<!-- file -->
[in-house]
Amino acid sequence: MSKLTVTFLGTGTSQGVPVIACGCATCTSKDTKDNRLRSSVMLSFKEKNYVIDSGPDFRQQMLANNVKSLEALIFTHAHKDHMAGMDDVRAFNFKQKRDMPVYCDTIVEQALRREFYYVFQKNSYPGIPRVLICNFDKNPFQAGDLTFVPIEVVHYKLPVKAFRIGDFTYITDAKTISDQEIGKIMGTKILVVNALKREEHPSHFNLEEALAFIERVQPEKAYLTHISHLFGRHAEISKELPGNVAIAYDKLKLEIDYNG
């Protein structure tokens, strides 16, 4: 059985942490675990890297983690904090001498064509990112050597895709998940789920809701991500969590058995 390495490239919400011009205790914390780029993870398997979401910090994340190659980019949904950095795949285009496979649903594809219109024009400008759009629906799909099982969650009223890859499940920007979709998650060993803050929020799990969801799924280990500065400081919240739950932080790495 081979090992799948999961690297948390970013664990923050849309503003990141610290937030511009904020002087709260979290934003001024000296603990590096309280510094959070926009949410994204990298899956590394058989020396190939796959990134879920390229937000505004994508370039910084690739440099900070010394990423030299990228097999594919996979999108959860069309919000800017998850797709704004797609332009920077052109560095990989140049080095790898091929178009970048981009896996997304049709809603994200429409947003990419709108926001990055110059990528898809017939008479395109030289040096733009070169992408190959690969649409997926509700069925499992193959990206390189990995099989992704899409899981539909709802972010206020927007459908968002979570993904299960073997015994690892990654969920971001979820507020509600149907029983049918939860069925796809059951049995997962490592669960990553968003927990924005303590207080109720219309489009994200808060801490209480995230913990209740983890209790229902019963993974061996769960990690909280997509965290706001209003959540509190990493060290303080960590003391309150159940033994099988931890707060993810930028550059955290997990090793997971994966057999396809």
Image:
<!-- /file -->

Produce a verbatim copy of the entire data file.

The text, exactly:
[in-house]
Amino acid sequence: MSKLTVTFLGTGTSQGVPVIACGCATCTSKDTKDNRLRSSVMLSFKEKNYVIDSGPDFRQQMLANNVKSLEALIFTHAHKDHMAGMDDVRAFNFKQKRDMPVYCDTIVEQALRREFYYVFQKNSYPGIPRVLICNFDKNPFQAGDLTFVPIEVVHYKLPVKAFRIGDFTYITDAKTISDQEIGKIMGTKILVVNALKREEHPSHFNLEEALAFIERVQPEKAYLTHISHLFGRHAEISKELPGNVAIAYDKLKLEIDYNG
């Protein structure tokens, strides 16, 4: 059985942490675990890297983690904090001498064509990112050597895709998940789920809701991500969590058995 390495490239919400011009205790914390780029993870398997979401910090994340190659980019949904950095795949285009496979649903594809219109024009400008759009629906799909099982969650009223890859499940920007979709998650060993803050929020799990969801799924280990500065400081919240739950932080790495 081979090992799948999961690297948390970013664990923050849309503003990141610290937030511009904020002087709260979290934003001024000296603990590096309280510094959070926009949410994204990298899956590394058989020396190939796959990134879920390229937000505004994508370039910084690739440099900070010394990423030299990228097999594919996979999108959860069309919000800017998850797709704004797609332009920077052109560095990989140049080095790898091929178009970048981009896996997304049709809603994200429409947003990419709108926001990055110059990528898809017939008479395109030289040096733009070169992408190959690969649409997926509700069925499992193959990206390189990995099989992704899409899981539909709802972010206020927007459908968002979570993904299960073997015994690892990654969920971001979820507020509600149907029983049918939860069925796809059951049995997962490592669960990553968003927990924005303590207080109720219309489009994200808060801490209480995230913990209740983890209790229902019963993974061996769960990690909280997509965290706001209003959540509190990493060290303080960590003391309150159940033994099988931890707060993810930028550059955290997990090793997971994966057999396809």
Image: